Redrum Road: Buried Album Covers



Help! – 1965

The album referenced in the novel is 1965’s Help!, by way of the fact that the Overlook ghost band starts playing track 7, Ticket to Ride, at the ghost ball on page 352. The song ends “halfway” through, as the clock hits midnight, and the ghosts do their Poe-style call to unmask.

The two moments that seem to echo the album cover are when Jack is first stalking to the Gold Room, alone, flinging his arms around in frustration, he momentarily looks a bit like how Harrison is posed here. But I like the moment below better since Jack being dragged puts his arms up in the Lennon position for the most part, but as he gains consciousness, he starts weakly gesturing, and mimics the McCartney position a few times. In the larger Redrum Road analysis, Jack equals McCartney, so this would seem apt. Not to mention the fact that the album contains the song You’ve Got to Hide Your Love Away (track 3), which would make a good soundtrack for what Wendy’s doing here. Also, the ghost ball is the thing that happens right before this scene in both the film and novel, so, while Jack’s first Gold Room sequence could seem like a setup to the ghost ball, this scene takes place much closer, plotwise, to where the Beatles show up in the novel’s story.

(And I would be remiss if I didn’t point out how Jack’s eyes are on the Corn Flakes box here. Corn Flakes were John Lennon’s favourite snack food, hence the reference to them in I Am the Walrus. In a moment, when Jack crashes into the stack of boxes, another two Kellogg’s boxes (Rice Krispies) will fall on him. Jack is locked in the storeroom at exactly 1:50:51 – that number will seem more significant when you get to the part about 51:51.)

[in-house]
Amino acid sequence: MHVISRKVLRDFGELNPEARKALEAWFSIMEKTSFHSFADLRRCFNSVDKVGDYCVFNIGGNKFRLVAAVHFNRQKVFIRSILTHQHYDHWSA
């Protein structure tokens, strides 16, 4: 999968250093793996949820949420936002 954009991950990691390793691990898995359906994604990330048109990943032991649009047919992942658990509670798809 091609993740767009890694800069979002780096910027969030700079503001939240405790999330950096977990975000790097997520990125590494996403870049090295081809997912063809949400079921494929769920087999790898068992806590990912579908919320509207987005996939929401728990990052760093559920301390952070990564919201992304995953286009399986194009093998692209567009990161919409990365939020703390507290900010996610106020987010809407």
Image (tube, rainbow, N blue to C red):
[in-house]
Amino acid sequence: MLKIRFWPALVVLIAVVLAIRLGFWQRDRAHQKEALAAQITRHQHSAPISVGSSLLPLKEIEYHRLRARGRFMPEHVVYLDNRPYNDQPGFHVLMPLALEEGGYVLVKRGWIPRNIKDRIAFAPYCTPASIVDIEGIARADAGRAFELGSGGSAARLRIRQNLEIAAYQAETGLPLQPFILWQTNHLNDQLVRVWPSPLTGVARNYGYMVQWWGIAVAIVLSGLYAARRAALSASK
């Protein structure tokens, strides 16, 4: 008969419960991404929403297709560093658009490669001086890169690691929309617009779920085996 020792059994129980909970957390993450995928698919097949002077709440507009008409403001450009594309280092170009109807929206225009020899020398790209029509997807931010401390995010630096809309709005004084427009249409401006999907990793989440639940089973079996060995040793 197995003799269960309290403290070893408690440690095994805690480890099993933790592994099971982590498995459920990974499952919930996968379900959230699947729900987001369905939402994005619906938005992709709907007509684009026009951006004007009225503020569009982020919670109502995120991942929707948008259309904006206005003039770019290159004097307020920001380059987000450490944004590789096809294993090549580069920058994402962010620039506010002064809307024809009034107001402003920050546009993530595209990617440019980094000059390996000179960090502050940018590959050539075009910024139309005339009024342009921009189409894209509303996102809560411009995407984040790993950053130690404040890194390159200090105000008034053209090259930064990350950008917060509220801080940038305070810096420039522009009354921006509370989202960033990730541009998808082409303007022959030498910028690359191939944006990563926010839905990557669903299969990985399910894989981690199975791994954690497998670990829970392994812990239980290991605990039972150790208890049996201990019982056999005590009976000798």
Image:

The Beatles are standing in flag semaphore positions on the album cover, but don’t spell out “HELP” as one would suspect, but “NUJV”, as you can see on the chart below.

So Jack would be making the “J” symbol here, if the reference is intentional.

What’s more, there was a movie made by the same name, starring the Beatles, and acting as a loose excuse for the band to perform the music from the album, while parodying a James Bond movie (something The Shining likes to bury in its folds). Ticket to Ride is performed at 37:57-41:02 of the film, and in The Shining, these time codes refer to the moment (37:57) between the tenth and eleventh of Jack’s ball throws in the lounge (the tenth and eleventh tracks off Help! are 2:36 and 2:37 long, and Jack is throwing the ball at a Zapotec mural with four figures on it and room 237 behind it), which comes seconds before Wendy tells Danny that the loser of their chase will have to “keep America clean” (the poster for Help! features George Harrison asking the viewer to “Help! keep our city clean!”), and then to a moment (41:02) when something resembling a copy of Rubber Soul seems to be tucked under the Overlook kitchen television. Rubber Soul was the album that came out after Help!

This image has an empty alt attribute; its file name is screen-shot-2019-04-22-at-2.32.57-am.png

Also, the news broadcast Wendy’s hearing is about a woman lost in the mountains during a snowstorm, and the scene of the Beatles performing Ticket to Ride features them in the Austrian Alps town of Obertauern (“Overpass” basically, in English), playing around on sleighs and skis. I found this behind-the-scenes photo, which shows that they used a snowcat to get around which bears a certain resemblance to the one Hallorann uses to save the day. In that they’re virtually identical.

This image has an empty alt attribute; its file name is attachment.php
This image has an empty alt attribute; its file name is screen-shot-2019-07-17-at-3.21.54-am.png